In need to see something different we decided to visit Monchique which is in the mountains directly north of Portimao. It is famous for being in the mountain range that is the highest in the Algarve and were hoped to walk to the this summit in Foia. Armed with a map from the tourist office we set off across the off road trails. Again we were walking on the Via Algarviana (300km walk from Alcoutim to Sagres) and every time we venture onto this trial we visualise what a great walking holiday it would make. Once at Foia we were a little disappointed though as we were expecting for some reason a small village at the 900m summit, what we did find was that the only inhabitants were communication masts which suppose makes complete sense!


Early morning mist rising over Monchique on the way to the Convent that sits over town.  The convent is occupied (unfortunately the Lonely Planet uses the word ‘squatted’) by a couple of guys and they let Sharon and I look inside and around….Obrigado meus amigos.  On another day I returned to the Convent and shared a few beers with them to find out their story.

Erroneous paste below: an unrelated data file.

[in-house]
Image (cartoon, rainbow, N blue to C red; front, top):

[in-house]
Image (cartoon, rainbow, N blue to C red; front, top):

Monchique was also the place where we found ourselves celebrating our one year travel anniversary and the occasion meant a visit to a local restaurant in town. Much to Sharon’s delight the ‘prato do dia’ was javali (wild boar) which meant she could continue her wild boar eating world tour. In the main square on our return walk to the camper will finally caught some Carnival action, be it of the more traditional kind than the naked Loule ladies. We also noticed that the town were having a large food and music festival in a couple of days time so we decided to return for the weekend.


Local people enjoying Carnival in Monchique